Spanish quake evacuees queue in sun for food, tents
Earthquake refugees lined up in the hot sun Thursday for food packs and shelter after fleeing their homes in southern Spain when a deadly 5.1-magnitude quake tore through their homes.
In the main market place of the historic city of Lorca, hundreds of people waited in line for food packets containing powder for rehydration drinks, packets of jam, cereal bars and water.
Many carried plastic bags and suitcases stuffed with possessions they managed to grab when a 5.1-magnitude quake struck Lorca Wednesday.
Some accompanied children in pushchairs.
The tremor tore down walls and even flattened some buildings, killing nine people including a child.
Fearing aftershocks, a huge proportion of the more than 90,000 residents of Lorca were forced to wrap themselves in blankets and seek shelter in public squares, playgrounds, cars and neigbouring towns.
Red Cross and army personnel pitched tents to provide shelter and save them from a second night in the open.
Six 20-person army tents and another 13 Red Cross tents were set up in the square and were admitting evacuees including whole families. More army tents were ready to be erected.
Red Cross official Jose Miguel Rebollo said the plan was to set up three tent sites together with the army to shelter 2,500 people. "Tonight we hope there will be fewer people than last night," he said.
Norma Selina, 52, an Ecuadorian who has spent seven years in Spain and has a 12-year-old son, said she was hoping for better accommodation as she sat on a white plastic chair with their belongings in plastic bags and a case.
"We spent last night here in the square but I could not sleep. My son slept a little on the ground. The organization here is very slow; I don't know if we will have to spend another night here," she said.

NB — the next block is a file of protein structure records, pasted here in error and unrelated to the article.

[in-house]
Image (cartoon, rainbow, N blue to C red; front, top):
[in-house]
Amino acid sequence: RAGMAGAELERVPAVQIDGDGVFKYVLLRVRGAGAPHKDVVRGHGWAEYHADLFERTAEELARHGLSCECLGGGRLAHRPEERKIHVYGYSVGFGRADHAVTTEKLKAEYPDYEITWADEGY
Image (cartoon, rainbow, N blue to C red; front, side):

Streets were littered with crumbled buildings, chunks of masonry and fallen terraces.
Outside the Burger King on the Avenida Juan Carlos 1 shopping street three cars were completely crushed by falling rubble.
The Red Cross has distributed 7,720 blankets, along with food and water, said Carla Vera, spokeswoman for the Red Cross in Spain.
She said the organisation had set up more than 800 small foldable beds in a hangar on the edge of town.
But "many people prefer to sleep outside, near their homes or because they are afraid of aftershocks."
One group of four evacuees sat in fold-up chairs in the early hours of Thursday, unable to sleep. As they escaped their damaged building they had seen the corpses of three people outside killed by falling bricks.
"I was scared to death," said one elderly woman who declined to give her name.
Others lay on the ground under blankets, struggling to fall asleep.
"No one expected such a strong earthquake here," said Francisco Hernandez, 47 and unemployed, as he sat wrapped in a blanket in a parking lot. "Now they're afraid of it happening again."
© 2011 AFP